Massachusetts New Carbon Detector Changes as of 12/1/16

New Smoke Detector Rules Go Into Effect On December 1, 2016

As discussed at the Annual Meeting, new smoke detector rules will go into effect on December 1, 2016.  We have experts scheduled to attend each of our December SOS meetings for a Q&A session.  [Thanks to Pittsfield Fire Inspector Stein who brought this to our attention:  He will be at the SOS Meeting in Pittsfield on December 8th, Great Barrington Fire Chief Charles Berger will be at the SOS Meeting in Great Barrington on December 9th and Adams Fire Chief Paul Goyette will be at the SOS Meeting in Adams on December 7th.] Here are the two changes:

On December 1, 2016 in Massachusetts, when homes built before 1975 are sold, the house must be equipped with smoke detectors with a 10-year life span (and if expired, replaced before permit will be issues)… and if battery powered, be equipped with sealed lithium batteries. 

The chief issued a letter that clarified that smoke alarms installed prior to December 1, 2016 that met requirements of existing regulations upon installation will continue to meet regulatory requirements of 527 CMR 1.00 and requirements for sale/transfer in accordance with M.G.L. c. 148, s. 26F until the devices are 10 years old or have exceeded the manufacturer’s recommended life.  Fire Chief Letter   They also completed a new consumer fact sheet for your use.

Lithium-ion battery operated smoke alarms are powered by a sealed, long-life lithium battery for ten years (the life of the alarm), meaning the alarm is always on for the best safety.  Locally, these detectors can be found in most home improvement stores.

When speaking to the Boston Globe, State Fire Marshal Peter J. Ostroskey said the 1975 cutoff date for single-, double-, and triple-family homes was chosen because homes built after that year were already required by the state building code to have hard-wired power supplies for smoke detectors. But even those hard-wired detectors need to have backup batteries replaced and the detectors should be replaced every 10 years, too, he noted.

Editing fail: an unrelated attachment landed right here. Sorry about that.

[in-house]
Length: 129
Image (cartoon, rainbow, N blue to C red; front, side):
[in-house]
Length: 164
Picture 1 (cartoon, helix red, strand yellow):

The current rules require photoelectric detectors covering the area within 20 feet of a kitchen or bathroom containing a bathtub or shower.

As part of this year’s Fire Prevention Week in October, State Fire Marshal Peter J. Ostroskey explained that “what we’ve seen in the past eight to 10 months across the state is that our fatal fires involve homes that have smoke alarms in them, but they are inoperative.” Ostroskey said that as investigators search charred wreckage of fatal fires, they have discovered that batteries have been removed or that the smoke alarms themselves have not been replaced even though they are no longer functioning properly because they are 10 years old or older.

Ostroskey said that smoke detectors themselves must be replaced every 10 years because they lose the life-saving sensitivity in their sensors.

“We believe that having a 10-year sealed battery. . . will improve the operating status of smoke alarms in residences,’’ he said, adding that packaging of detectors makes it clear what the life cycle of the batteries included in the equipment.

Note from MAR Legal:  Because specific requirements on smoke detectors and carbon monoxide detectors vary among homes based on when the home was built or permitted, it is important to check with your local building or fire department for detailed guidance. More information can also be found on the Department of Public Safety’ Smoke Alarm Regulations website: